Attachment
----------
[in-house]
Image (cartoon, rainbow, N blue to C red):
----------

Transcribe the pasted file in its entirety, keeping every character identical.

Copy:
[in-house]
Image (cartoon, rainbow, N blue to C red):